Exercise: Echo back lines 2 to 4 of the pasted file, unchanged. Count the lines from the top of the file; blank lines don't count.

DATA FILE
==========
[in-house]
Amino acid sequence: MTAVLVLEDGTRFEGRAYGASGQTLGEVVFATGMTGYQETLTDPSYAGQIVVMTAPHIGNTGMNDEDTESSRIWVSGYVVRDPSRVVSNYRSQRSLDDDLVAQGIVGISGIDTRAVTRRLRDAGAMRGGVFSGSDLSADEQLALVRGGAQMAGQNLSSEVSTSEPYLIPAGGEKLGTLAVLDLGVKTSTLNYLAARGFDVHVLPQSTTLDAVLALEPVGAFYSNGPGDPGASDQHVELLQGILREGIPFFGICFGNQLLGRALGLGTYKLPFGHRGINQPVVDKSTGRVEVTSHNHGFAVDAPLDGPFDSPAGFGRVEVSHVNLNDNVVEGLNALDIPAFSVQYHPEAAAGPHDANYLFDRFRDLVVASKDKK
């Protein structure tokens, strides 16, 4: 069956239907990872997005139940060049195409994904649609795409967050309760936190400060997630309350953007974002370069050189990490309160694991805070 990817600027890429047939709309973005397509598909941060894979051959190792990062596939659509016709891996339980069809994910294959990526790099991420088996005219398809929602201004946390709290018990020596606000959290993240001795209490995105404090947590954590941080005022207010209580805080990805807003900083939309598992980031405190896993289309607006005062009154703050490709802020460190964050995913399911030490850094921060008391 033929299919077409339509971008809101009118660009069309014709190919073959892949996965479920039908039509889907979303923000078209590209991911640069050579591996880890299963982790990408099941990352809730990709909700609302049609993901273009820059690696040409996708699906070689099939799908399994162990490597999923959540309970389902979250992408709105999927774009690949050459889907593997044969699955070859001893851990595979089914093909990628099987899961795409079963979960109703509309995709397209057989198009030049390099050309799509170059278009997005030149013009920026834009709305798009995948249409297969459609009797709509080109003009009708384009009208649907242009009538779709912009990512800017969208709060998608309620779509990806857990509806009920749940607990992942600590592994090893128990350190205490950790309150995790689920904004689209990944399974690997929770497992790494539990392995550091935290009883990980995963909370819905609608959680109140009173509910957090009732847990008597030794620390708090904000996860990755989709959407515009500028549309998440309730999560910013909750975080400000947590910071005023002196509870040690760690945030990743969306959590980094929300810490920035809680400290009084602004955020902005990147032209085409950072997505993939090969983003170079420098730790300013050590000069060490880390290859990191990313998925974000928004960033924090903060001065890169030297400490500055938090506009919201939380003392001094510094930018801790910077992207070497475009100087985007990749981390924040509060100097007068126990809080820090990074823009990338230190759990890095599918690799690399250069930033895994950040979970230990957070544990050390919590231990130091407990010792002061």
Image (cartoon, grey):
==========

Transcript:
Amino acid sequence: MTAVLVLEDGTRFEGRAYGASGQTLGEVVFATGMTGYQETLTDPSYAGQIVVMTAPHIGNTGMNDEDTESSRIWVSGYVVRDPSRVVSNYRSQRSLDDDLVAQGIVGISGIDTRAVTRRLRDAGAMRGGVFSGSDLSADEQLALVRGGAQMAGQNLSSEVSTSEPYLIPAGGEKLGTLAVLDLGVKTSTLNYLAARGFDVHVLPQSTTLDAVLALEPVGAFYSNGPGDPGASDQHVELLQGILREGIPFFGICFGNQLLGRALGLGTYKLPFGHRGINQPVVDKSTGRVEVTSHNHGFAVDAPLDGPFDSPAGFGRVEVSHVNLNDNVVEGLNALDIPAFSVQYHPEAAAGPHDANYLFDRFRDLVVASKDKK
């Protein structure tokens, strides 16, 4: 069956239907990872997005139940060049195409994904649609795409967050309760936190400060997630309350953007974002370069050189990490309160694991805070 990817600027890429047939709309973005397509598909941060894979051959190792990062596939659509016709891996339980069809994910294959990526790099991420088996005219398809929602201004946390709290018990020596606000959290993240001795209490995105404090947590954590941080005022207010209580805080990805807003900083939309598992980031405190896993289309607006005062009154703050490709802020460190964050995913399911030490850094921060008391 033929299919077409339509971008809101009118660009069309014709190919073959892949996965479920039908039509889907979303923000078209590209991911640069050579591996880890299963982790990408099941990352809730990709909700609302049609993901273009820059690696040409996708699906070689099939799908399994162990490597999923959540309970389902979250992408709105999927774009690949050459889907593997044969699955070859001893851990595979089914093909990628099987899961795409079963979960109703509309995709397209057989198009030049390099050309799509170059278009997005030149013009920026834009709305798009995948249409297969459609009797709509080109003009009708384009009208649907242009009538779709912009990512800017969208709060998608309620779509990806857990509806009920749940607990992942600590592994090893128990350190205490950790309150995790689920904004689209990944399974690997929770497992790494539990392995550091935290009883990980995963909370819905609608959680109140009173509910957090009732847990008597030794620390708090904000996860990755989709959407515009500028549309998440309730999560910013909750975080400000947590910071005023002196509870040690760690945030990743969306959590980094929300810490920035809680400290009084602004955020902005990147032209085409950072997505993939090969983003170079420098730790300013050590000069060490880390290859990191990313998925974000928004960033924090903060001065890169030297400490500055938090506009919201939380003392001094510094930018801790910077992207070497475009100087985007990749981390924040509060100097007068126990809080820090990074823009990338230190759990890095599918690799690399250069930033895994950040979970230990957070544990050390919590231990130091407990010792002061």
Image (cartoon, grey):